mi·(d2Xi/dt2)+ωij 2·Xi correspond to the inertial term (i)
2·λij·(dXi/dt) corresponds to the return to the initial state term (ii);
Xi is a variable associated with the molecule i;
dXi/dt is the derivative of Xi as a function of time;
d2Xi/dt2 is the second derivative of Xi as a function of time;
Xj is a variable associated with molecule j;
mi represents the inertia of i;
λhd ijgoverns the return to the equilibrium state of Xi;
the frequency 107 ij corresponds to the time for Xi to respond to the variation in Xj; and
wij is a coupling factor representing the interaction force between molecules i and j, corresponding to a weighting of the effect of each molecule j on the molecule i with respect to the resultant of the set of combined effects of all molecules j exerting an effect on i.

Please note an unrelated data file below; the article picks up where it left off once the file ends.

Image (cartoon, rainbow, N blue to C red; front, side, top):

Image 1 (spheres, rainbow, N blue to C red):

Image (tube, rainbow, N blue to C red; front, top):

In accordance with a further implementation of the methods of the invention, for at least a portion of the physico-chemical interactions between the molecules of the network, the relationship between the variables Xi and Xj taken in pairs is established by a sigmoid relationship comprising a retarding factor associated with a linear decreasing function.
Another type of relationship between the variables Xi and Xj, described in more detail below, which may be used in the methods of the invention to model at least part of the physico-chemical interactions between the molecules of a biological system, is of the form:
(dXi/dt)=K1i[1/(1+e −Σwij·xj−bi)]−K2i·Xi in which:
the sigmoid term K1i·[1/(1+e −Σwij·Xj·bi)] corresponds to the inertial term (i); and
the term K2i·Xi corresponds to the return to the initial state term (ii); in which:
Xi=variable associated with vertex i;
Xj=variable associated with vertex j;
wij=coupling factor representing the interaction force between the molecules i and j, corresponding to a weighting of the effect of each molecule j on molecule i as regards the resultant of the set of the combined effects of all molecules j exerting an effect on i;